Justice Kennedy, in writing for the majority, suggested the Court was not ruling broadly on this issue, because the developer did not challenge the constitutionality of the city’s land-use ordinances and the Court’s holding did not extend to those aspects. This is in keeping with the Court’s usual practice of ruling on property rights on a case-by-case basis. But others involved with the case on both sides see far-reaching implications.
"This case is great news for landowners," says Gus Bauman, an attorney in the Washington, D.C. office of Beveridge and Diamond, who filed briefs in the Del Monte Dunes case on behalf of the National Association of Home Builders (NAHB). He points to three areas of special significance:
- Builders and developers have the constitutional right to have their regulatory takings lawsuits heard by a jury, who are typically less predictable and give bigger awards than judges.
- The Court rejected claims by local, state and federal government agencies, environmental associations, and even the American Planning Association that if a greater public good is in mind, they have a right to regulatory takings.
- The Court unanimously upheld the current test for regulatory takings, which the original jury used in the original lawsuit.
Richard Lazarus, a law professor at Georgetown University, has represented government interests in regulatory takings cases in the Supreme Court before, but gave only advice in an academic capacity for this case. He says both sides exacted their own pound of flesh.
"Builders and developers have a powerful weapon in challenging land-use regulations through jury trials," says Lazarus. But he claims the Court’s rejection of the rough-proportionality inquiry in the Del Monte Dunes case is a victory for local, state and federal government agencies. Rough proportionality is the notion that exactions and restrictions on permits must be roughly proportional to the severity of the problem they are meant to address. The Supreme Court ruled that since this case was a denial rather than a conditional approval of a development, rough proportionality was not germane.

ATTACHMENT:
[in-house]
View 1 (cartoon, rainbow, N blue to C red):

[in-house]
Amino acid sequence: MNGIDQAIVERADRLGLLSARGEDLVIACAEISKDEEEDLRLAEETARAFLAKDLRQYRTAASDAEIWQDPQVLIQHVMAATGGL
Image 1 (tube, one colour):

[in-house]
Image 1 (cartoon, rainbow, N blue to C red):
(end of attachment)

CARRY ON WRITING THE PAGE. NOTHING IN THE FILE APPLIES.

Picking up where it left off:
"No court ever said rough proportionality applied in this case until the 9th Circuit Court, and that was the most troubling aspect for many government regulators," says Lazarus. "Rejecting that ruling was a big win for them."
Lazarus also states that what would seem to be a big win for developers may turn out to be just another irrelevant decision, because the right to a jury trial only applies in federal court. Land-use cases are difficult to bring to federal court on the first try; they must be tried in state court first, where a judge hears them.
"It is unclear whether you can then bring it into federal court; that’s subject to arguments in several courts across the country," says Lazarus. "If it turns out you can’t, then the Del Monte Dunes case will be a dead letter."
Bauman is much more optimistic. He says this victory against those who "attempted to take this developer’s land and regulate it to uselessness is the most significant land-use decision to come out of the Supreme Court in many years."
The Legal Trail To Del Monte Dunes